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Mitsubishi Heavy Industries breaks silence on problems with its cruise newbuild contracts for AIDA

MHI has booked a $1.7bn loss to-date due to delays
With the impending delivery, albeit one year overdue, of newbuild AIDAprima, Mitsubishi Heavy Industries' president and ceo Shunichi Miyanaga felt it was time to publicly explain the reasons behind the company’s troubles with its cruise shipbuilding project for AIDA Cruises.

Miyanaga, during his presentation on MHI’s Q3FY 2015 financial results, spoke at length on what exactly went wrong with the construction of the two 125,000gt prototype cruise ships which were secured by the Nagasaki yard in 2011 at a price tag of $650m apiece. The size is 75% larger than AIDA’s current 71,300gt Sphinx platform.

The Japanese shipbuilder has already booked a huge loss of JPY187.2bn ($1.7bn) to-date due to delays and cost overruns, and the loss could potentially be deeper going forward.

'Transparency is of the essence,' Miyanaga said in his presentation, adding that he risked divulging corporate secrets but nonetheless he has decided to be frank.

'The most difficult problem was building the first ship [AIDAprima] in the series, because the concept realisation took a lot of time in the planning phase,' he said.

The AIDA orders marked the second shipbuilding business for MHI from the Carnival group and the third and fourth cruise ships built by MHI for the company. In 2004, MHI delivered the 116,000gt Diamond Princess and Sapphire Princess. Those orders had been placed with P&O Princess Cruises before its acquisition by the Carnival group.

'At the time of the contract in fiscal year 2011, we deemed it possible based on our track record. MHI had built vessels in the past but never the first in the series,' said the ceo.

'Moreover, ten years have passed since the final ship we built for Princess Cruises, and so there have been major differences in specifications of  ten years ago and now, for example safety-related issues and systems like wifi in all cabins, and we are not prepared for that,' he continued.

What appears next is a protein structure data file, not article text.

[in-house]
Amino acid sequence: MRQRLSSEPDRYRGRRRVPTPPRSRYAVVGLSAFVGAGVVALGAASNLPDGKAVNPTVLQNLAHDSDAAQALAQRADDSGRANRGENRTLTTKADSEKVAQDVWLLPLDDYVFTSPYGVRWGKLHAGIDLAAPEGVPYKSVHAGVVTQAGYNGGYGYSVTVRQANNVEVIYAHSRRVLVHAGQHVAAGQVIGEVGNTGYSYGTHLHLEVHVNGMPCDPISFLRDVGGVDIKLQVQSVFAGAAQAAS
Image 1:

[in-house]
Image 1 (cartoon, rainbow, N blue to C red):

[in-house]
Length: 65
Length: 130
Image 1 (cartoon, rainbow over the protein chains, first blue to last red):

A combination of problems with finalising the design, delays in approvals, confusion on items to be purchased, among others, all conspired to hold back the production schedule.

By mid-2013, MHI realised it had run into 'major problems' and proceeded to change the persons in-charge and engineers, and bringing in people from outside as well as non-Japanese engineers to handle the specifications requested by AIDA Cruises.

To add to MHI's woes, three small fires broke out on AIDAprima in separate incidents on Jan. 11, 13 and 31 this year which Japanese media reported as arson. At the time, AIDA stated the fires would not delay AIDAprima's first cruise out of homeport Hamburg, scheduled for April 30, 2016.

Under the original shipbuilding schedule, MHI was to complete the design and procurement process on the first cruise ship by early 2014, and deliver by end 2014. But detailed design work continued until mid-2015 and the yard is finally ready to deliver the ship soon, short of final inspections. This week AIDA posted a short video of the crew joining the ship in Nagasaki.

For the second cruise ship, MHI was originally supposed to complete the design and procurement stages by early-2015 and deliver by early-2016, but construction is still going on. AIDA told SCN that vessel is now due in 2017.